Goodbye Emma

Emma Bee Bernstein, a 23-year-old feminist photographer, died a couple of weeks ago. Jess and I both had the privilege of meeting her through her innovative project GIRLDrive, which we’ve blogged about previously. Emma and partner-in-crime, Nona Willis Aronowitz, hit the road and interviewed and photographed young women talking about their relationship to feminism. It morphed into a book which will be released on Seal Press in the near future. Read more about both Emma and Nona here.
I met Emma only twice, but her presence left a real impression on me. She had a quality of wild aliveness–animated about philosophy and art, dramatic about the ins and outs of her young, exciting life, literally bursting. She was beautiful, charismatic, dressed like a person who understood the playful capacity inherent in fashion, who liked to subvert people’s expectations about appropriateness or trendiness. The last time I saw her and Nona, Emma had just read my book, and showered me with the most generous and seemingly authentic praise. I remember leaving the meeting feeling ten feet tall. Emma, this bright young engaged artist, had called me a philosopher. I felt like my words were important.
I can only imagine that Emma made a lot of people feel this way–like their presence, their take on the world (feminism, art, music), their words, were deeply important. I love her and Nona’s project because it defies so many people’s expectations about the young and cynical. It asserts that, indeed, young women are still interested in the open road, in communing face-to-face with strangers and friends alike, in intellectual journeys, in this transformative and unfinished movement called feminism.
She wrote the following, when asked to respond to the idea of intergenerational feminism for a panel at the Elizabeth A. Sackler Center for Feminist Art at the Brooklyn Museum of Art:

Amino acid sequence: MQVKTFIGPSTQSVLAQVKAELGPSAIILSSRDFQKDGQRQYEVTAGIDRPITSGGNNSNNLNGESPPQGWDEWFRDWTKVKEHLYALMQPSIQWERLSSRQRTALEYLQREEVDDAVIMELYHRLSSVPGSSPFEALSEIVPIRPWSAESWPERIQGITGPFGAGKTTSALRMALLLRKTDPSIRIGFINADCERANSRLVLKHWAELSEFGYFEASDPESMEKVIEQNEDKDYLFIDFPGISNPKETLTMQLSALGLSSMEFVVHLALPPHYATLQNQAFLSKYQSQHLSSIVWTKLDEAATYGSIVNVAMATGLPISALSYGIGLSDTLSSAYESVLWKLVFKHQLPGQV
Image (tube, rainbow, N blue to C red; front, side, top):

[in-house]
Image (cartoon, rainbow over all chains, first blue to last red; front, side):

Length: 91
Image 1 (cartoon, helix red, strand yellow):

There is good news: young women artists are revolutionary. They are making works that deal fervently with gender and sexuality, that deconstruct beauty standards, that unveil the veiled. They revel in the grotesque, the cosmetic, celebrity culture. They poke fun at themselves. They show us their obsession with the “feminine”, but it is pop essentialism, deadpan gender. They do not care if you think they are vapid sluts, clad in designer trends. They look with a female gaze, they have autonomy, they are not marionettes. They are, indeed, artists who are feminists. Young women thinkers will say they are gender revolutionary before they are feminist-identified, and just as they seek to explode the binaries of sex, they mix-media and ideology, creating a patchwork of consciousness that is as thoroughly contemporary as it is politically feminist.

I like to think of her reading those words. That they were about “young women”–abstractly speaking–but, most specifically, about herself. She was that revolutionary, that joker, that deconstructer, that unapologetic sexual being, that autonomous seer, that binary exploder, that conscious, political feminist theorist and activist. She was that friend. That daughter. That sister. That artist. That innovator.
Emma ended her own life. It’s almost impossible for me conceive of someone that alive now being dead. But I have to believe that she needed release in some profound way that even her beautiful family and friends, that even her relationship to art and feminism, couldn’t provide. It’s not romantic. It’s unacceptable. It’s also a reminder that life is a fragile, fragile thing, a choice that we each make every single day. When Emma was alive, she made the choice fiercely and with her whole being. I thank her for the lesson.
For New Yorkers, there will be a service on Wednesday, December 31st at 10:30 am, at the Plaza Jewish Community Chapel at 630 Amsterdam Ave (at 91st Street).
More links:
Nona’s take
her dad’s take
photographs of Emma
Emma’s photographs
her whole essay on intergenerational feminism

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